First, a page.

Dedicated high school social studies teacher and Centre College alumnus Ryan New ’04 is committed to preparing students at Boyle County High School for college, career and civic life through the use of inquiry-based learning strategies. Due to his impressive work, New was recently named Outstanding Secondary Social Studies Teacher of the Year.
The Outstanding Secondary Social Studies Teacher of the Year, sponsored by Newseum and given by the National Council for the Social Studies (NCSS), is an annual award given to a high school teacher who exemplifies NCSS and its dedication to inquiry and national themes and standards as outlined by the organization.
“My professors at the University of Kentucky, where I am currently pursuing a doctorate in curriculum and instruction with an emphasis in social studies education, nominated me for the award,” New said.
Once nominated, New filled out the application and provided evidence of using inquiry-based learning in the classroom.
This year marks New’s ninth year of teaching. He came to Boyle County High School in 2014, after five years at Washington County Schools.
“After my year at Boyle, I had an opportunity to work for the Kentucky Department of Education as a Social Studies Content Specialist, who helped run the Social Studies Teacher Leader Network for the Ohio Valley Education Cooperative,” he explained. “As one of the writers of the still un-adopted Kentucky Academic Social Studies Standards, it was my job to help teachers understand and assist in instructional shifts toward inquiry-based learning that were inherent in the new standards.”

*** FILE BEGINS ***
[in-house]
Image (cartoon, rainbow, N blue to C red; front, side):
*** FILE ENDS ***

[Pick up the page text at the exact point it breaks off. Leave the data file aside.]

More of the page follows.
New returned to Boyle County after working for the state for a year and began implementing inquiry-based learning in his classroom.
“This award means a great deal, as it validates the hard work that my students do each day in my class,” he said. “Because I use inquiry-based learning, students must take a great ownership in their own learning. This particular award highlights those who implement College, Career and Civic Life (C3) Framework in their day-to-day instructions.
“This award highlights the direction where I think education should go, it validates the productive struggle for students who are trying to answer difficult, yet relevant, questions by examining sources, and it further validates and acknowledges how research at the post secondary level keeps me as a teacher up-to-date on the latest findings.”
Even though New is the recipient of this award, he gives credit to those who helped him along the way, including his students; Kathy Swan, his advisor at the University of Kentucky; and his wife.
Looking back on his time as a first-generation student at Centre, New sees how the College transformed him as a thinker and as a person, both then and now.
“Could I have been a teacher having not attended Centre? Sure,” he added. “Would I be the teacher I am today without Centre? A resounding no. My ideas were challenged by caring professors and by my classmates while my skills were honed through hours of reading, writing, translating and organizing my thoughts and time.”
by Kerry Steinhofer
October 10, 2017